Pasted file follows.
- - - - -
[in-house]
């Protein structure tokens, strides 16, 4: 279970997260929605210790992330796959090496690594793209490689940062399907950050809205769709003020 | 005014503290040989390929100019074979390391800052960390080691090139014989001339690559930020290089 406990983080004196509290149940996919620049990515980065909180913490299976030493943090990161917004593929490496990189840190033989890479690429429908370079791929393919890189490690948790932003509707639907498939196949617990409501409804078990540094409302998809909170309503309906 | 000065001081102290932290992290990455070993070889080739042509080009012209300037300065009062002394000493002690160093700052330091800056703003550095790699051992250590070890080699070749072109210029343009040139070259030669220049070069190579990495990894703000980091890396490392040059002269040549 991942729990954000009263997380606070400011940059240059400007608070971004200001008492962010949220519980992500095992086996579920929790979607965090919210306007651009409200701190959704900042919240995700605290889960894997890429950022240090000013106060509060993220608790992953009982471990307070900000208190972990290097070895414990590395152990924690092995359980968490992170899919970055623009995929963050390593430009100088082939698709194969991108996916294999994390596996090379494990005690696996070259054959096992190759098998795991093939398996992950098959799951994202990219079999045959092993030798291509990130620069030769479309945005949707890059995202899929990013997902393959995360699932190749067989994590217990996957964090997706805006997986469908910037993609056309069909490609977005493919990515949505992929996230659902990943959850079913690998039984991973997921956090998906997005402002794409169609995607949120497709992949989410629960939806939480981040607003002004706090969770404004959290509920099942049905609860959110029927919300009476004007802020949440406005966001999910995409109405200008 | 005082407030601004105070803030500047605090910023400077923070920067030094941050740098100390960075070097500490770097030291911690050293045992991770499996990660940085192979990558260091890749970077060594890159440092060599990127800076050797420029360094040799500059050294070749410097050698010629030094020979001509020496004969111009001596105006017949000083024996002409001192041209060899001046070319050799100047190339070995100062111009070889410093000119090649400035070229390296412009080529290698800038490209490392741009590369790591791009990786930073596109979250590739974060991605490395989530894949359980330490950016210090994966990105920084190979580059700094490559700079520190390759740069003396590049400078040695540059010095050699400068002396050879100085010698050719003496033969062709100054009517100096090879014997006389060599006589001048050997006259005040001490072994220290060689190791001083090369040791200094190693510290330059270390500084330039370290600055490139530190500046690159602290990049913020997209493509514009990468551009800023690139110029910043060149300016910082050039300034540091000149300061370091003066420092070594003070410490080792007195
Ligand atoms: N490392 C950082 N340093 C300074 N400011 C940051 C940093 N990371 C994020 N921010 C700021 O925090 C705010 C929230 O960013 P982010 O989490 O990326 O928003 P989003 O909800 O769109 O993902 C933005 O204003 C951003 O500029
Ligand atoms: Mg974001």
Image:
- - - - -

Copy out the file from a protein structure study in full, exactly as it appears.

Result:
[in-house]
């Protein structure tokens, strides 16, 4: 279970997260929605210790992330796959090496690594793209490689940062399907950050809205769709003020 | 005014503290040989390929100019074979390391800052960390080691090139014989001339690559930020290089 406990983080004196509290149940996919620049990515980065909180913490299976030493943090990161917004593929490496990189840190033989890479690429429908370079791929393919890189490690948790932003509707639907498939196949617990409501409804078990540094409302998809909170309503309906 | 000065001081102290932290992290990455070993070889080739042509080009012209300037300065009062002394000493002690160093700052330091800056703003550095790699051992250590070890080699070749072109210029343009040139070259030669220049070069190579990495990894703000980091890396490392040059002269040549 991942729990954000009263997380606070400011940059240059400007608070971004200001008492962010949220519980992500095992086996579920929790979607965090919210306007651009409200701190959704900042919240995700605290889960894997890429950022240090000013106060509060993220608790992953009982471990307070900000208190972990290097070895414990590395152990924690092995359980968490992170899919970055623009995929963050390593430009100088082939698709194969991108996916294999994390596996090379494990005690696996070259054959096992190759098998795991093939398996992950098959799951994202990219079999045959092993030798291509990130620069030769479309945005949707890059995202899929990013997902393959995360699932190749067989994590217990996957964090997706805006997986469908910037993609056309069909490609977005493919990515949505992929996230659902990943959850079913690998039984991973997921956090998906997005402002794409169609995607949120497709992949989410629960939806939480981040607003002004706090969770404004959290509920099942049905609860959110029927919300009476004007802020949440406005966001999910995409109405200008 | 005082407030601004105070803030500047605090910023400077923070920067030094941050740098100390960075070097500490770097030291911690050293045992991770499996990660940085192979990558260091890749970077060594890159440092060599990127800076050797420029360094040799500059050294070749410097050698010629030094020979001509020496004969111009001596105006017949000083024996002409001192041209060899001046070319050799100047190339070995100062111009070889410093000119090649400035070229390296412009080529290698800038490209490392741009590369790591791009990786930073596109979250590739974060991605490395989530894949359980330490950016210090994966990105920084190979580059700094490559700079520190390759740069003396590049400078040695540059010095050699400068002396050879100085010698050719003496033969062709100054009517100096090879014997006389060599006589001048050997006259005040001490072994220290060689190791001083090369040791200094190693510290330059270390500084330039370290600055490139530190500046690159602290990049913020997209493509514009990468551009800023690139110029910043060149300016910082050039300034540091000149300061370091003066420092070594003070410490080792007195
Ligand atoms: N490392 C950082 N340093 C300074 N400011 C940051 C940093 N990371 C994020 N921010 C700021 O925090 C705010 C929230 O960013 P982010 O989490 O990326 O928003 P989003 O909800 O769109 O993902 C933005 O204003 C951003 O500029
Ligand atoms: Mg974001």
Image: